Instead of azimuth and elevation, E — and H-plane patterns are usually used in actual radar antennas because the terms azimuth and elevation imply the earth-based reference coordinates, which are not applicable to some space-based systems like airborne and satellite.

The main lobe of the radiation pattern is in the direction of maximum gain; all other lobes are called sidelobes. In addition to the peak gain of the main lobe, two other important features of an antenna pattern are the beamwidth of the main lobe, which is usually specified at the half-power level (3 dB), and the maximum sidelobe level. The half-power beamwidth (HPBW) is usually a measure of the resolution of an antenna. Therefore, if two identical targets at the same range can be separated by the HPBW, they are said to be resolved in angle.

The beamwidth of an antenna is determined by the size of the antenna aperture as well as the amplitude and phase distributions across the aperture. For a given distribution, the half-power beamwidth in a particular plane is inversely proportional to the size of the aperture in that plane

(9) |

hpbw = k-;

JL_i>

where L is the aperture dimension and K is a constant for the given distribution, which is known as the beamwidth factor. Accurate estimate of the beamwidth factor must take into account the aperture illumination function. However, K = 70° can give a rough estimate in most cases. For reflector-type antennas, a good estimation to K is given by (6)

‘ 101 |

К = 1.05238/+ 55.9486 (deg)

in which I is the absolute value of edge illumination in decibels.

From the half-power beamwidths in two orthogonal principle planes, one can obtain a practical formula for predicting the gain of a relatively lossless antenna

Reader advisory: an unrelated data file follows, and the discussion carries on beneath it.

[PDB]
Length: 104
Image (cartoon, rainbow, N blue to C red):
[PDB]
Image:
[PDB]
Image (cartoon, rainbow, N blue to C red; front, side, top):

where C is a unitless constant and в1 and в2 are HPBWs in degrees. The accurate value of C depends on the antenna efficiency, but the rough estimate can be taken from 26,000 to 35,000 (1,7).

Fig. 3. Common reflector antenna types. (a) Paraboloid; (b) parabolic cylinder; (c) shaped reflector; (d) multiple beam; (e) monopulse; (f) cassegrain. |

(d) (e) (f) |

Ideally, an antenna radiation pattern would consist of a single main lobe and no sidelobes. However, for all practical radar antennas, it contains numerous sidelobes. These sidelobes can be a source of problems for the radar system. For example, a radar for detecting low-flying aircraft targets can receive strong ground or ocean echoes, which is called the clutter, through the sidelobes. This signal will interfere with the desired echoes coming from the low radar cross-section targets through the main lobe. Another fatal problem of the sidelobes is coming from jamming, which threatens most military radars. Therefore, it is often (but not always) desirable to design radar antennas with sidelobes as low as possible to minimize such problems. However, low sidelobes and high gain are competing requirements. Thus, the trade-off between sidelobes level, gain, and beamwidth is an important consideration for designing radar antennas.